Aeolians: 67, 4 Ἄρνη ἐγέννησεν Αἰόλον κ. Βοιωτόν; 67, 7 Ἱππάλκιμος
ἐγέννησε Πηνέλεων; 68:1 Σαλμωνεὺς ἐγέννησε θυγατέρα … Τυρώ; 68, 3
Ποσειδῶν ἐγέννησε Πελίαν κ. Νηλέα; 68, 6 Νηλεὺς παῖδας ἐγέννησε
δώδεκα. Interchanged with ἐγέννησε are ἐτέκνωσε, ἦν υἱός, παῖδες
ἐγένοντο, etc.; cp. PMich 155, 7. The continuity is not formalized to
the degree in Mt, but in Diod S 4, 69, 1–3 ἐγέννησε is repeated six
times in a short space, and 4, 75, 4f ἐγέννησε occurs four times with
the names of fathers and sons; Did., Gen. 144, 27); Ac 7:8, 29. ἐκ w.
gen. of the mother (Hdt. 1, 108, 2; Diod S 4, 2, 1; 4, 62, 1; Palaeph.
44; PLond V, 1730, 10 οἱ ἐξ αὐτῆς γεννηθέντες υἱοί; Tob 1:9; 2 Esdr
10:44; Demetr.: 722 Fgm. 2, 2 Jac.; TestJob 1:6; Jos, Ant. 12, 189) Mt
1:3, 5f.—Pass. be fathered (Orig., C. Cels. 8, 66, 23) ἐκ τῆς
παιδίσκης κατὰ σάρκα w. the slave-woman, according to the flesh (i.e.
in line with human devising; opp. διʼ ἐπαγγελίας) Gal 4:23. ὁ κατὰ
σάρκα γεννηθείς he that was fathered by human design, opp. ὁ κατὰ
πνεῦμα he that was fathered by the Spirit’s design, i.e. in keeping
with the divine promise, vs. 23) vs. 29. τὸ ἐν αὐτῇ γεννηθὲν ἐκ
πνεύματός ἐστιν that which is conceived in her is of the Spirit Mt
1:20 (τὸ γεννηθέν of that which is yet unborn: Diod S 17, 77, 3). Here
the male principle is introduced by ἐκ (Lucian, Dial. Deor. 20, 14 ἐκ
κύκνου γεγεννημένη; Phlegon: 257 Fgm. 36, 2, 4 Jac.; Ps-Callisth. 1,
30, 3 ἐξ Ἄμμωνος ἐγεννήθη; TestSim 2:2) as J 1:13 (ἐγενήθ. P75et al.);
but in 3:6 the imagery is complex, involving a maternal aspect in vs.
4. W. ἀπό (En 15:8 οἱ γίγαντες οἱ γεννηθέντες ἀπὸ τ. πνευμάτων κ. σαρκός) ἀφʼ ἑνὸς ἐγεννήθησαν they were fathered by one man Hb 11:12
(numerous edd. ἐγενήθησαν). ἐκ πορνείας οὐ γεγεννήμεθα (v.l.
ἐγεννήθημεν) J 8:41 (cp. StudPal XX, 4, 30 ἐξ ἀγράφων γάμων
γεγεννῆσθαι). ἐν ἁμαρτίαις σὺ ἐγεννήθης ὅλος you’re a born sinner,
totally! 9:34.—Lk 1:35 (where mng. 2 is also prob. [as in τὸ
γεννώμενον Philo, Plant. 15]. S. AFridrichsen, SymbOsl 6, 1928, 33–36;
HAlmqvist, Plut. u. d. NT ’46, 60f). ⓑ by exercising the role of a
parental figure, ext. of 1a (Philo, Leg. ad Gai. 58 μᾶλλον αὐτὸν τῶν
γονέων γεγέννηκα), of a teacher on pupils ἐν Χ. Ἰ. διὰ τοῦ εὐαγγελίου
ὑμᾶς ἐγέννησα I became your father as Christians through the gospel 1
Cor 4:15; Phlm 10 (s. Ltzm. and JWeiss on 1 Cor 4:15; ADieterich,
Mithraslit. 1903, 146ff).—Pass. ἐκ (τοῦ) θεοῦ γεννᾶσθαι J 1:13 (on the
rdg. of the Lat. ms. b, s. JPryor, NovT 27, ’85, 296–318); 1J 2:29;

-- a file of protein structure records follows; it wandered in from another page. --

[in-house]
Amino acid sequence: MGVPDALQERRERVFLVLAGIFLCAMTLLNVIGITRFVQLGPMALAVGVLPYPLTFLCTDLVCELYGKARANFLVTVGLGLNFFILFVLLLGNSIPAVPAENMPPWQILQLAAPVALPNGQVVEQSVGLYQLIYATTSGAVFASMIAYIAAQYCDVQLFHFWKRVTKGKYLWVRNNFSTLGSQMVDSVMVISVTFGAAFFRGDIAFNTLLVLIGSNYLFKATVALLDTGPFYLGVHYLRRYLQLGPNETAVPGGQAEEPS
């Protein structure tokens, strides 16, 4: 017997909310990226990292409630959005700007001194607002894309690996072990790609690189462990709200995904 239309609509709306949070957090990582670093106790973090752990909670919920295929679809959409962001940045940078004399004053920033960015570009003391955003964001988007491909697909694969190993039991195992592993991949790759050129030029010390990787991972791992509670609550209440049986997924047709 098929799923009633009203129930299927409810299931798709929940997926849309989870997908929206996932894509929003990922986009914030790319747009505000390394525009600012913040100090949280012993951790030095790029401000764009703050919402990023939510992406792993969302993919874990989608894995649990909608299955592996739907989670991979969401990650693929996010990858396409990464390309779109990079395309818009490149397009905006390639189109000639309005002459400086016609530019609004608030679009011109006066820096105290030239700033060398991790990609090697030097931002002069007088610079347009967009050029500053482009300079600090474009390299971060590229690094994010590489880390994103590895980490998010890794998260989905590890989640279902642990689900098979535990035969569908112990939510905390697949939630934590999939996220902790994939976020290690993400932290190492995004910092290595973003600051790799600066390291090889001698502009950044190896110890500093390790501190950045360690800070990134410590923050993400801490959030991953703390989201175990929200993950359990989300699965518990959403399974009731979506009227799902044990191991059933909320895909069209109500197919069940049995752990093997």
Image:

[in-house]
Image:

3:9; 4:7; 5:1, 4, 18. On γεννᾶσθαι ἐξ ὕδατος κ. πνεύματος J 3:5 cp.
1QS 4:20–22 and s. YYadin, JBL 74, ’55, 40–43. Also ἄνωθεν γ. J 3:3,
7. πᾶς ὁ ἀγαπῶν τὸν γεννήσαντα ἀγαπᾷ τὸν γεγεννημένον ἐξ αὐτοῦ everyone who loves the father (=God) loves the child (=Christ or one’s
fellow Christian) 1J 5:1 (on γεννᾶσθαι ἐκ θεοῦ s. Hdb. on J 3:3 and 1J
3:9 and the sources and lit. listed there; s. also παλιγγενεσία). Cp.
σήμερον γεγέννηκά σε (Ps 2:7) 1 Cl 36:4; GEb 18, 37; Ac 13:33 (held by
some to have been the orig. rdg. Lk 3:22 v.l.; s. JHillmann, Die
Kindheitsgesch. Jesu nach Lucas: Jahrbücher f. Protestantische
Theologie 17/2, 1891, 192–261; HUsener, D. Weihnachtsfest2 1911,
38ff); Hb 1:5; 5:5. p 194 ② to give birth to, bear (Aeschyl.,
Suppl. 48; X., De Rep. Lac. 1, 3; Lucian, Sacrif. 6; Plut., Mor., 3c;
Ps.-Callisth. 1, 9, 2 ἐκ θεοῦ γεννήσασα παῖδα=a woman who has borne a
child to a god; BGU 132 II, 5; Judg 11:1 B; Is 66:9; 4 Macc 10:2) Lk
1:13, 57; 23:29; J 16:21 w. τίκτειν; AcPl Ha 8, 28 εἰς δουλείαν
γεννῶσα who bears children for slavery Gal 4:24. Pass. be born (ἐκ
παρθένου Did., Gen. 96, 13) ἐγεννήθη Μωϋσῆς Ac 7:20; cp. Hb 11:23.
γεγεννημένος ἐν Ταρσῷ Ac 22:3; μήπω … γεννηθέντων Ro 9:11; πρὶν ἡμᾶς
γεννηθῆναι before we were born 1 Cl 38:3. εἰς τὸν κόσμον come into the
world J 16:21; Mt 2:1, 4; 19:12; 26:24 (=1 Cl 46:8); Mk 14:21 (cp. En
38:2); Lk 1:35 (1a is also prob.; a v.l. adds ἐκ σοῦ, which can be
rendered ‘the child to whom you give birth’). ἐκ Μαρίας ἐγεννήθη
AcPlCor 1:14; 2:5 (cp. Mt 1:16); J 3:4; 9:2, 19f, 32; IEph 18:2; ITr
11:2; ἀληθῶς γ. be in fact born (in opp. to Docetism) 9:1. γεγεννημένα
(v.l. γεγενημένα) εἰς ἅλωσιν 2 Pt 2:12. εἰς τοῦτο for this purpose J
18:37. διάλεκτος ἐν ᾑ ἐγεννήθημεν the language in which we were born
i.e., which we have spoken fr. infancy Ac 2:8. ἐγὼ δὲ καὶ γεγέννημαι
but I was actually born a Roman citizen 22:28. οὗτος ἐγεννήθη βασιλεύς
born a king GJs 20:4 codd. γεννῶνται και γεννῶσιν Lk 20:34 v.l. ③ to
cause someth. to happen, bring forth, produce, cause, fig. of various
kinds of production (Pla. et al.; Polyb. 1, 67, 2 στάσις ἐγεννᾶτο;
Philo, De Jos. 254; Jos., Ant. 6, 144) 2 Ti 2:23.—γ. καρπόν produce
fruit (Philo, Op. M. 113) ITr 11:1. Forged writing γεγεννημένον for
γεγενημένον GJs 24:3.—B. 280. DELG s.v. γίγνομαι p. 222. M-M. TW.

Arndt, W., Danker, F. W., & Bauer, W. (2000). A Greek-English lexicon
of the New Testament and other early Christian literature (3rd ed.,
pp. 193–194). Chicago: University of Chicago Press.

What is the stump of Jesse?

A shoot will come up from the stump of Jesse;
from his roots a Branch will bear fruit.

Isiah 11:1 (NIV)

Question 1:
What does this “stump” refer to?

Question 2:
I think it is referring to that the trunk of the Me…